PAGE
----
Mona Lisa Overdrive by William Gibson (1988) 308 p.

Taking a break from the Booker Prize 2011 Challenge with some classic science fiction. William Gibson, incidentally, comes up with the most awesome titles.

Mona Lisa Overdrive is a more direct sequel to Count Zero than Count Zero was to Neuromancer. It picks up several years later, following a number of different characters, the most important of whom is probably Angela Mitchell – the gifted teenager rescued from a mesa arcology in Arizona in Count Zero, who has subsequently become a world-famous simulation star. We also meet Kumiko, a Japanese girl sent to London for protection while her father is threatened by a Yakuza war; Slick, a robotics mechanic living in an abandoned factory in a rusted-out wasteland somewhere in America’s heartland; and the titular Mona, a Cleveland prostitute who gets entangled in a dangerous scheme far beyond her understanding. From these disparate threads, Gibson generates one of his complex storylines.

Gibson’s novels, to an extent, feel formulaic: the same story structure, with different threads converging into one climax, the same quick and neat resolutions, the same grungy low-lifes coming into the orbit of somebody with a lot of money and nefarious plans. If Neuromancer followed this formula, I don’t remember it – or maybe it did, but it’s okay to do it for the first time. In any case I recall Neuromancer generally being far more creative, gripping and flat-out awesome than any of Gibson’s other books. Again, though, that’s a catch-22. Perhaps all his books are brilliant, but Neuromancer was the first, and eclipses all else.

But I’m inclined to believe that Neuromancer really is superior. The second two are very similar to each other, and different from their predecessor. As with Count Zero, the European scenes in Mona Lisa Overdrive struck me as not quite belonging in the world of the Sprawl. Neuromancer was a grungy, filthy, terrible place to be, whether one was in Japan or New York or Istanbul. There were some brief scenes in Paris, but I don’t recall them salivating over the Old World splendour in the way that Count Zero and Mona Lisa Overdrive do. Count Zero had Japanese tourists snapping photos of the regal old buildings and famous landmarks of Paris; Mona Lisa Overdrive has warm, smoky British pubs, people selling junk on Portobello Road, wealthy mansions in Notting Hill and noble history seeming “the very fabric of things.” I suspect that Gibson, a New Worlder like myself, is somewhat in awe of Europe’s historical grandeur. But this makes his London barely different from the real London (or, for that matter, the London of Pattern Recognition) and that simply doesn’t gel with the 1980s cyberpunk Sprawl of Neuromancer.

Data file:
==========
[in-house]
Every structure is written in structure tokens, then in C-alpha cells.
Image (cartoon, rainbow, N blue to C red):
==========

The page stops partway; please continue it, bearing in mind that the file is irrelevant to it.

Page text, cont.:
I think that’s the problem I have with Count Zero and Mona Lisa Overdrive: they fail to live up to the vision of his first novel, and not just in terms of plot and innovation. They feel less outlandish and futuristic than Neuromancer. More recognisable, more down to earth, more near-future rather than distant-future. Either I’ve become more acutely aware of our society’s myriad fucked-up problems since I read Neuromancer three years ago, or Gibson radically shifted gears when designing his fictional world.

Having said all that? Mona Lisa Overdrive is a good book. It has well-developed characters, an intriguing plot, and a tone consistent with Gibson’s unique style of writing. No author, science fiction or otherwise, captures our logo-soaked, corporate-controlled and technology-driven society quite as well as William Gibson, and he’s up there with J.G. Ballard as an author who deserves to have his surname turned into an adjective. Mona Lisa Ovderdrive fails to live up to Neuromancer, of course; nothing could, because Neuromancer is one of the most important novels of the 20th century. It’s a good book nonetheless.

I feel like I’m repeating my review of Count Zero here. These novels leave me with very mixed feelings; they’re much better than most stuff I read, but they come nowhere near to generating the feelings in me that Neuromancer did. It may be rose-tinted retrospect, but I recall that novel being a blinding kaleidoscope of ass-kicking glory and unprecedented awesomeness. I need to read it again.

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